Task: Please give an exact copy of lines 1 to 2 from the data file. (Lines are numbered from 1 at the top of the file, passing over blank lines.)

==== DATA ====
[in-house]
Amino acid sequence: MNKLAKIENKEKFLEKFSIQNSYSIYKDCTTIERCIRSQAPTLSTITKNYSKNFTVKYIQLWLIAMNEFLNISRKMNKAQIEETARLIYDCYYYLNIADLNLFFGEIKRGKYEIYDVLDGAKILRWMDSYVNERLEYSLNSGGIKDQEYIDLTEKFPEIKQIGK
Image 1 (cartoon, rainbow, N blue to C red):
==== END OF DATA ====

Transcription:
[in-house]
Amino acid sequence: MNKLAKIENKEKFLEKFSIQNSYSIYKDCTTIERCIRSQAPTLSTITKNYSKNFTVKYIQLWLIAMNEFLNISRKMNKAQIEETARLIYDCYYYLNIADLNLFFGEIKRGKYEIYDVLDGAKILRWMDSYVNERLEYSLNSGGIKDQEYIDLTEKFPEIKQIGK